PHONE: 608.274.2577
FAX: 608.278.1475

LEED™ Energy Modeling

The US Green Building Council seeks to reward buildings and building design teams for innovation and leadership in pursuing a more sustainable future for our built environment through their LEED program. One significant aspect of the program involves showing that a proposed building or retrofit will use less source energy than a “conventionally designed” building. There are three main approaches to attaining the desired energy use reductions: prescriptive methods, equipment upgrades, and integrated design.

Prescriptive methods lay out a series of steps, which, if followed by the design team lead to a lower energy use building. The steps might include such items as “increase the R-value of the building envelope” or “specify installation practices that lead to less infiltration of ambient air into the conditioned space.” While simple to follow, prescriptive methods may lead to adverse results. For example, while decreasing infiltration of ambient air into conditioned spaces helps reduce winter time energy use in cold climates, such tighter buildings often use more energy in the summer because cooler night time air is not able to leak through the building and remove unwanted heat energy.

Equipment upgrades are central to most energy use reduction projects. The LEED™ process encourages comparison of simulation results with various wall, window, equipment efficiency, and solar shading upgrades to determine which technologies are the most appropriate to the design under consideration. Many software tools and engineering companies are available to perform such simulations.

Arguably the intention of the LEED™ process is to encourage not a few targeted upgrades to conventional building practices but to spur integrated design in which the building, its occupants, its surroundings, its systems, and its usage are all considered together from the inception of the project. The goal of the integration is to understand and focus the design on synergistic interactions while minimizing the impact of antergistic interactions. Energy modeling can be a powerful tool in this regard; comparatively little effort goes into creating an early model of a proposed building. The model can then be modified and reworked to assess the impact of a particular design on the entire system. It is worth noting that the tool used to create the building model have a significant impact on what can and cannot be assessed; the more flexible the tool, the fewer the restrictions on analysis. Our intimate familiarity with one of the most flexible simulation tools available (TRNSYS) has allowed us to enter the field of integrated design and to work on some our most exciting and innovative projects. Since 2004, work has been carried out with:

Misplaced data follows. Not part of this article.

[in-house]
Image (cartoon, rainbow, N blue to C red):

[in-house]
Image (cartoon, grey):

• The Aldo Leopold Legacy Center (LEED™ v2.1 Platinum and at the time of its certification, the highest point winning building (61 of 69 possible) in USGBC history, winner of a 2008 AIA COTE Top 10 Award) with The Kubala Washatko Architects
  • The Bernheim Forest Visitor's Center (LEED™ v2.1 Platinum) with Supersymmetry USA, Inc.
  • The O’Neil House (first LEED™ Gold home in the US) with Atelier ten and Consilience, LLC
  • Eastern Village Co-Housing (LEED™ v2.1 Silver and winner of the NAHB Sustainable Building of the Year) with Sustainable Design Consulting and EcoHousing
  • The Schlitz Audubon Nature Center (LEED™ v2.1 Gold) with The Kubala Washatko Architects
  • The First Unitarian Society Meeting House in Madison, Wisconsin (LEED-NC™ v2.2 Gold, winner of a 2011 AIA COTE Top 10 Award) with Affiliated Engineers, Inc. and The Kubala Washatko Architects
  • The Chippewa Nature Center in Midland, Michigan (LEED-NC™ v2.2 certification anticipated) with The Kubala Washatko Architects
  • The Wounded Warriors Battalion Residence at Camp Lejeune, North Carolina (LEED-NC™ v2.2 certification anticipated) with Clean Currents
  • The Lake Country Power Service Center in Mountain Iron, Minnesota (LEED-NC™ v2.2 Gold) with Foster Jacobs and Johnson, Inc.
  • The Ford Calumet Environmental Center in Chicago, Illinois (LEED-NC™ v2.2 certification anticipated) with dbHMS Engineering
  • The Lubbock Christian University Welcome Center in Lubbock, Texas (LEED-NC™ 2.2 Platinum) with RLB Engineers, Inc.
  • The University of Wisconsin Medical Faculty Centennial Building (LEED-NC™ 2.2 Gold) with Flad Architects
  • The Marshfield Fire and Rescue Facility (LEED-NC™ 2.2) with Quality Management Services, Inc.
  • The Rock Island Public Works Service Garage (LEED-NC™ 2009 certified) with Symbiont Engineering
  • The Wallace Creek Naval Bachelor Enlisted Quarters (LEED-NC™ 2.2 Gold) with Clark Nexsen
  • Davison Army Airfield Flight Control Tower (LEED-NC™ 2009 Gold) with Clark Nexsen
  • CSCC Natatorium (LEED-NC™ 2009 Gold anticipated) with Andrew Hammock and Powell
  • Aaron Cohn Middle Scool(LEED-SCHOOLS™ 2009 certified) with Andrew Hammock and Powell
  • Sioux Falls South Dakota Social Security Administration (LEED-NC™ 2009 Silver) with Dwyer Oglesbay
  • Sioux Falls DHS-ICE Facility (LEED-NC™ 2009 Silver) with Dwyer Oglesbay
  • Uptown Circle Multifamily Residential Mixed Use (LEED-NC™ 2009 certification anticipated) with ECL Consultants